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I would like to write an app to follow the price of lists of stocks. There would be three activities containing lists of stocks :

  • myStocksActivity containing the stocks I'm interested in
  • searchedStocksActivity containing a list of stocks I could add in the list contained in myStocksActivity
  • winnersLoosersStocksActivity containing the list of stocks with the best or worst performance of the day.

I would like to persist the list of stocks in myStocksActivity, to be able to remove or add stocks from that list and to add the stocks displayed in searchedStocksActivity or winnersLoosersStocksActivity to myStocksActivity.

Another challenge : the price of the stocks should be updated every X minutes depending on the settings of app. The prices should only be updated when the app is running and should only update the prices of the list I'm currently looking at.

For the moment, my architecture isn't great : almost all the logic is contained in myStocksActivity and I know it's not a good thing.

I was thinking about moving the update of the stock list to a service, but I don't want this service to run when the application is not running.

What do you think ? Is my problem clear ? Thank you !

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3 Answers 3

If I was you I would try and design(and build) a domain model first. This should end up being a set of classes which allows you to do everything you want with your stocks, independently of the a UI. You should also build in data persistence directly into these classes (i suggest using SQLite for this bit).

Then once you have a working model, build the UI on top of that. The MVP design pattern works pretty well with android.

Implement your activities as Views, these should both present data, and captures UI events and delegate these events to to Presenter instances, which then communicate/manipulate the model, and updates the Views accordingly. For example,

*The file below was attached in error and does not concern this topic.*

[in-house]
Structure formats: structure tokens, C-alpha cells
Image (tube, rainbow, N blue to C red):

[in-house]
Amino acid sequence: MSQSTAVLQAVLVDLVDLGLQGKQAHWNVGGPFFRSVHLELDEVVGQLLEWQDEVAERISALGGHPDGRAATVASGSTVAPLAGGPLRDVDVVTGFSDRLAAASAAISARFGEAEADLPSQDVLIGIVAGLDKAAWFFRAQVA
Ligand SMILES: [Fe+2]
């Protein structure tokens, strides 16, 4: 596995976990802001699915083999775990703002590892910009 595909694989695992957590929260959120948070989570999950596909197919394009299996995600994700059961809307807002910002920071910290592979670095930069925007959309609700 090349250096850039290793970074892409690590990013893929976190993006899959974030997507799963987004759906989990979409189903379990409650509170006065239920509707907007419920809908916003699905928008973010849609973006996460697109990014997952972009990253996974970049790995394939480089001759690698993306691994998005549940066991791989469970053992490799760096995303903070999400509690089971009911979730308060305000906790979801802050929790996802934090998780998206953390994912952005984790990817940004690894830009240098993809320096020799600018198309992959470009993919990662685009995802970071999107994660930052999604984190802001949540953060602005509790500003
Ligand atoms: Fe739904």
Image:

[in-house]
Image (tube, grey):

MyStocksView could present the user with a list of stocks, and the latest movements of stock price (or whatever). The MyStocksView contains the actual widgets that make up the user interface, and also acts as event listener and handler for various UI events (like when the user click a button). It should also contain a instance of a MyStocksPresenter class.

Once the user clicks the button, lets say, "remove stock", the event handler of MyStocksView then fires a method in the presenter instance for example, presenter.removeStock(id) , this method then updates the model (removes it from the in-memory data structures and database) and finally, if everything was successful, updates the View. It basically works as a middle man between the presentation layer, and the data-model.

In regards to the automatic updates every X minutes, I would handle this with a AsyncTask, there's not really much point in using a service if you only want this to happen while you app is running.

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Hi, thank you for your answer. I will have a look on the MVP pattern and maybe ask more questions here. Thank you again ! –  user860302 Jul 24 '11 at 19:16

Whenever you main activity gets paused (or destroyed), call StopService(blabla);. That way you can keep it as a service, and it won't run in the background.

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Ok, thank you. I was looking for a complete architecture idea / example, because I don't have much experience in Android development. For instance, how should I deal with the list of quotes ? How should I add a stock from winnersLoosersStocksActivity ? ect... –  user860302 Jul 24 '11 at 15:01
Well, now you're pretty much asking us to code it for ya, no? –  oldnadav Jul 25 '11 at 22:06
  1. Create a class for a stock, and store the update logic in there
  2. I would put the handler - what holds instances of the stock-class and loops over a set to tell them to update - either in its own class purely with static methods and variables, or also in the stock class with static methods/etc.
  3. The service then contains timing information, and calls the static update() method
  4. The activity that displays stocks starts/stops the service with onCreate/onDestroy or onUpdate/onPause (I think it's update; the on that happens each time the Activity is brought to the forefront)
  5. Same activity tells the handler class which ones to load, and uses its list for the display.

One other thing: I'd suggest against using a service. Use an AsyncTask. Services actually do run on the UI thread, so if there's a long-running loop during the update, the UI will freeze. AsyncTask starts a thread and will not block the UI.

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